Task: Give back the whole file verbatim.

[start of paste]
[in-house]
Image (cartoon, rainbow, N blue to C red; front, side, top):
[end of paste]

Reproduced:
[in-house]
Image (cartoon, rainbow, N blue to C red; front, side, top):